Wednesday, April 09, 2014

(STICKY) SAPs and the Build up to the Rwandan Genocide
Thomas Hauschildt, Mar 31 2012

This project evaluates the impact of structural adjustment programmes (SAPs) on the economy and subsequently social environment of pre-genocide Rwanda.

The first research aim is to evaluate the development and characteristics of neoliberal theory and SAPs (Auerbach, 2007, pp.34-35). The cornerstones of neoliberal policies are the International Monetary Fund (IMF) and the World Bank and the origin and purpose of both institutions will be assessed (Rowden, 2009, pp.53-56). Arguments made by the IMF and the World Bank in favour of these programmes will be opposed by arguments made by advocates of the dependency theory and world system theory (Kelly, 2008, pp.320-321; Wallerstein, 1980, pp.66-69).

The second research aim focuses on the causes and impacts of the SAPs on the Rwandan economy. The SAPs will be presented in a wider context which will include demands for democracy and a peace process between the Rwandan Government and the Rwandan Patriotic Front (RPF) (Andersen, 2000, pp.450-452).

The third aim provides the nexus between the SAPs imposed on Rwanda and ethnic mobilisation. The focus will be on two aspects of the Rwandan economy. First, the division of labour will be evaluated. This is essential as the SAPs were perceived as favouring the Tutsi dominated private sector (Storey, 1999, pp.53-55). Second, the issue of land scarcity and agricultural commercialisation will be assessed as Rwanda suffered a severe socio-economic imbalance (Uvin, 2001, pp.81-83).

The conclusion will summarise that SAPs, in combination with demands for democratisation and peace negotiations, did not consider the implications of the reforms for the socio-economic and political environment. The disregard for the wider implications supported radical ideologies which were responsible for the genocide.

The structure of western capitalism was first evaluated by British philosophers and political economists in the seventeenth and eighteenth century (Peet, 2009, p.4). In the eighteenth century Adam Smith (1776), cited by Rothschild (1994, p.319), emphasised the “invisible hand of the market” which would enable growth by focusing on demand, competition and trade. This approach became known as classical liberalism. The early and mid-twentieth century was shaped by depression and war. Benefits of capitalism remained in the hands of the entrepreneurs and the employees demanded more rights and increased benefits in return for their labour (Peet, 2009, p.6). Keynes argued that governments have to intervene in the market in order to spread the benefits of market economies among all classes of society. This approach became known as the “New Deal” in the US and its policies were implemented from 1932 on (Niemi & Plante, 2011, p.414; Peet, 2009, p.6).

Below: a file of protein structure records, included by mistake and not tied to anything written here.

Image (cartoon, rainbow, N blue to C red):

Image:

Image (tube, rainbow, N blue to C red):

In 1944 the Allied countries met in Bretton Woods to discuss the post-war economic order (Rowden, p.2009, p.53). Their aim was to implement institutions which could finance the rebuilding of Europe and oversee international trade and finance to avoid a financial crisis in the future. Keynes is often accredited with the establishment of the IMF and World Bank. However, Keynes did not suggest the IMF and World Bank in the form the institutions were finally set up. He was rather focused on maintaining trade balances between states. The IMF was established to ensure a fixed exchange which tied currencies to the US Dollar and gold standard (Rowden, 2009, pp.55-56). The World Bank was to finance the reconstruction and development of the European economy. From the mid-1970s on Keynesianism was opposed by neoliberals who advocated the ideas of classical liberalism and argued in favour of privatisation of state-run enterprises and deregulation of the market (Peet, 2009, p.9; Palley, 2004, pp.1-2).

Palley argues that neoliberalism is based on the assumptions that factors of production, such as labour and capital, are automatically allocated in the most efficient way. Von Hayek, the most influential critic of Keynesianism, argued that the freedom of individuals to pursue their own ambitions and limited possibilities for governments to interfere in the market are essential for economic growth (Peet, 2009, pp.10-11). In the 1970s it became evident that Keynesianism was not able to solve problems of stagflation and businesses and corporations started to support neoliberal ideas of deregulation (Peet, 2009, p.12). Further, the ideological conflict during the Cold War period increased the support of neoliberal ideas. Individualism was associated with a free society. Collective action and limitations on the market were related to communism (Palley, 2004, p.3). The administrations of Thatcher and Reagan adopted neoliberal policies in the early 1980s and many Western governments followed suit (Auerbach, 2007, p.33). The IMF changed its purpose and was now tasked to support developing states by providing financial support in the form of loans (Wayenberge, Fine, Bayliss, 2011, p.6).